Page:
the flu goes on

So I thought this flu business was winding down. After all, it seems CNN has stopped talking about it. But we just found out that the schools will remained closed until the 18th of May. Until two days ago, they were saying there were no reported cases in the state of Jalisco. (Guadalajara is in Jalisco.) But just recently they've said that there are 15 cases plus 11 more under observation. Four of those cases were reported to be grave. Sadly, three have died. I think that's influenced the decision to keep the schools closed.


Rush Family Update

One Crazy Summer

April has been a crazy month. The two weeks of Spring Break were a lot of fun. We got to do out-of-the-ordinary things and spend time with people that are not in our regular schedule. Grandma Kay came for 10 days and that was a blast.

She went camping with us and was a great trooper. She made camping a lot easier. Now, two weeks after the kids returned to school, everything has been shut down because of the Swine Flu scare.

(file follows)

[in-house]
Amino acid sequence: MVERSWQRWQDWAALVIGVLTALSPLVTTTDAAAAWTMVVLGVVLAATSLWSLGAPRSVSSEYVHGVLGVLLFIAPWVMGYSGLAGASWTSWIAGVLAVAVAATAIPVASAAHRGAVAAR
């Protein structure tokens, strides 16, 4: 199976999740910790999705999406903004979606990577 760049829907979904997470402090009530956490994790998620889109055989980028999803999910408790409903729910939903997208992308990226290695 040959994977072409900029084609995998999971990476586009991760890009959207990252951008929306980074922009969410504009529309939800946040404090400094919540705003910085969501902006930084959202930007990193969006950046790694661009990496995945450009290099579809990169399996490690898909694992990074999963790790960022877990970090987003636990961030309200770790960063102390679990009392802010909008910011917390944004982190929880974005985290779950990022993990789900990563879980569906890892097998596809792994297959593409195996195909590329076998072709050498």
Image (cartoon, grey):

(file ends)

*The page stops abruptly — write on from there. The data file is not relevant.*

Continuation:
Teaching English in Jocotan

Closing out 08’ we began realizing that we were being given the opportunity to plant a new church. This would mean not getting to spend every Sunday in Jocotan. With this in mind, we wanted to find more times during the week that we could be in Jocotan; both with our church family as well as the community. We’ve shared in the past about studying the Holy Spirit together on Friday nights and teaching Math two hours a week in a school for those trying to graduate from junior high.

In January we began teaching English for an hour each Thursday night. The church had the idea of inviting their neighbors into their home and offering this free class as a service. We generally have 5-10 students, half of which are not Christians. Three of our AIM students have been helping out, which allows us to break up into small groups and practice our pronunciation or grammar lesson as well as enhance personal relationships.